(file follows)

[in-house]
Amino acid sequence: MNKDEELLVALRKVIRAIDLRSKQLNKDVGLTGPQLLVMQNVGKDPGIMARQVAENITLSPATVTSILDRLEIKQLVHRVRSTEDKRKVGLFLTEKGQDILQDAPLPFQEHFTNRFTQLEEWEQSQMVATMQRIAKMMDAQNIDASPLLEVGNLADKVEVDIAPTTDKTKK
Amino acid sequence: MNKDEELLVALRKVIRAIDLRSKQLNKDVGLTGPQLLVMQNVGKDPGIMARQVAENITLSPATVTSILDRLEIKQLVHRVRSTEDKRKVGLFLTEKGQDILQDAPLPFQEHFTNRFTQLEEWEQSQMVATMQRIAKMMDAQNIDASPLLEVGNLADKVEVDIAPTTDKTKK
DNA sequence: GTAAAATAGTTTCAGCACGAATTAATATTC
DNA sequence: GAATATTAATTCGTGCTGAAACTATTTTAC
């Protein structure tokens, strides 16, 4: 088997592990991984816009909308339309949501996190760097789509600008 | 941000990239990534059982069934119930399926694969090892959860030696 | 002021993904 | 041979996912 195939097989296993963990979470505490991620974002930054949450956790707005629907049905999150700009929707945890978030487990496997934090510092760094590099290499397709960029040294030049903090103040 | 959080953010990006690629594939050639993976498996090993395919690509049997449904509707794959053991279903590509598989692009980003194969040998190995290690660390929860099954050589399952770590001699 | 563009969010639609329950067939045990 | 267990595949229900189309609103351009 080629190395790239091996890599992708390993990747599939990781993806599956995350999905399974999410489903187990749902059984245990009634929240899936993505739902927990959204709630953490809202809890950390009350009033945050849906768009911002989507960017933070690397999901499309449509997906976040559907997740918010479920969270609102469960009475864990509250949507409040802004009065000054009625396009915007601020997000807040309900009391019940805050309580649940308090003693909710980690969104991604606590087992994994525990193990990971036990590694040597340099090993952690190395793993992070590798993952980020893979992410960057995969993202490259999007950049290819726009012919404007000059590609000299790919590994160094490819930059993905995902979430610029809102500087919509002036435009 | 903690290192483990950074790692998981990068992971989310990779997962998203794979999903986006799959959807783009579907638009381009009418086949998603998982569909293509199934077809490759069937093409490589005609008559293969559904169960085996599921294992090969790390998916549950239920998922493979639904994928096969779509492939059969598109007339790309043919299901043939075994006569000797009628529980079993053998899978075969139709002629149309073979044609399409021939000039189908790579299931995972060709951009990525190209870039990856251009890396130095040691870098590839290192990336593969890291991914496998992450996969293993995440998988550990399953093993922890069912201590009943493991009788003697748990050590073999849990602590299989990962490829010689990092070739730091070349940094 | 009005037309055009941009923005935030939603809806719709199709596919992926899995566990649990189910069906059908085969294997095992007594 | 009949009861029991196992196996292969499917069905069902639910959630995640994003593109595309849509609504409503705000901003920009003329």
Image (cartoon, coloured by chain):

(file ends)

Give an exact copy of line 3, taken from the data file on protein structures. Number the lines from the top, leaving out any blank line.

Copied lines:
Amino acid sequence: MNKDEELLVALRKVIRAIDLRSKQLNKDVGLTGPQLLVMQNVGKDPGIMARQVAENITLSPATVTSILDRLEIKQLVHRVRSTEDKRKVGLFLTEKGQDILQDAPLPFQEHFTNRFTQLEEWEQSQMVATMQRIAKMMDAQNIDASPLLEVGNLADKVEVDIAPTTDKTKK